Chicago winter weather outlook: What to expect from the city's coldest season

February 17th, 2021

I'm sticking my meteorological neck out once again with my official forecast for the winter of 2022-2023. I tried this last year and wasn't too badly embarrassed by the results. My prediction of a below average winter temperature of between 28.4 degrees and 29.4 degrees turned out to be accurate. 

We ended up with an average temperature of 28.7 degrees for the winter of 2021-2022. My results weren't quite as good when it came to a snowfall forecast. I forecast an above average winter for snowfall with a range between 33 inches to 37 inches. We ended up with 28.6 inches, or 1 inch below average for winter.

First some forecast methodology and model comparisons before I get to my forecast.


My forecast will be for meteorological winter or the months of December, January and February. The official forecast from NOAA is calling for "equal chances" of temperatures being above or below average during this period. This suggests we should be around average this winter.

The forecast for precipitation has us favored to be above average for the season. It doesn't break out that precipitation into rain versus snow but seems to suggest above average snowfall. 

Probably the biggest influence on a winter forecast is the presence or absence of an El Niño or La Niña. The temperature of Pacific Ocean near the equator compared to average can have a big impact on our winter weather. This is an example of a teleconnection or more simply, "changing conditions in one part of the world can affect areas far from the source."

A moderate La Niña is predicted for our winter months. We can go back in the record books and see the influence of previous similar conditions on our winters. According to state climatologist Dr. Jim Angel, these are impacts of La Niña in Illinois:

  • Summers have a tendency to be warmer and drier in Illinois
  • Falls have a tendency to be cooler in the north and wetter in the southeast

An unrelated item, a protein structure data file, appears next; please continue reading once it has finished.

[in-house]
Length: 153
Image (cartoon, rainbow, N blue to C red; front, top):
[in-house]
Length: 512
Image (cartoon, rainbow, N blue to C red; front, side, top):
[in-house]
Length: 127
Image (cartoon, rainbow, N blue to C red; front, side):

• Winters are typically warmer and wetter than average with more snow and winter storms
  • Springs tend to be cooler across most of the state and drier in the west

National Weather Service climatologist Dr. Brian Brettschneider posted the graphic below recently that shows the number of winters that had above average during the presence of a moderate to strong La Niña.  

I reached out to him to see a more detailed analysis for northern Illinois. The graphic below breaks down our area even further and shows that most of northern Illinois and Indiana saw between eight to 10 winters with more than average precipitation. That means that half to a bit more than of the winters with similar conditions to what we are seeing now in the Pacific saw above average precipitation. 

That would support NOAA's forecast that is leaning towards more precipitation than normal for our upcoming winter.

I also checked a couple of other forecasts in addition to the National Weather Service official forecast. 

AccuWeather's winter forecast covers the months from October through April. It forecasts snowfall between 75% to 124% of average. This seems to suggest a forecast favoring around average snowfall. 

The upper Midwest north of here is favored for above average snowfall and the Missouri Valley, Tennessee Valley and Ohio Valley regions are favored for below average snowfall.

They forecast more of a "seasonal snowfall" or snow that occurs in the winter months and also includes snowfall from some of the months outside of official winter. The average "seasonal snowfall" for O'Hare is 38.4 inches.

They are also bold enough to give an exact range of snowfall for their forecast. The 35 inches to 40 inches they are predicting ranges from about three inches below average to about two inches above average for seasonal snowfall.

AccuWeather's temperature forecast has our winter coming in around 1 degree to 2 degrees above average.

Two of the main models I check this time of the year are the European model or ECMWF and the Climate Forecast System Version 2 or CFSv2.

The ECMWF model has most of the Chicago area forecast to be around average for winter precipitation. Our far northwestern and southern suburbs along with northern Indiana are favored for below average precipitation. 

The ECMWF model has us (along with most of the country) favored for above average temperatures. The only places favored for a below average winter in terms of temperatures is central and northern Montana and northwestern North Dakota. 

The CFSv2 model has northern Illinois split between favoring below average precipitation from he city southward and above average north and west of Chicago. Bisecting these two areas is a thin slice of the Chicago area forecast to be right at average for winter precipitation.

The CFSv2 model has us forecast to be around 3 to 4 degrees below average this winter.

Now it is time for my meteorological rubber to meet the road. After careful consideration and a few prayers, here is my official forecast for the winter of 2022-2023:

Snowfall-I predict above average snowfall between 31 inches to 36 inches this winter (29.6 inches is average)

Temperature-I predict an about or just above average winter temperature of between 26 degrees to 28 degrees (26.4 degrees is average)

I'll check back in sometime in March to see how I did.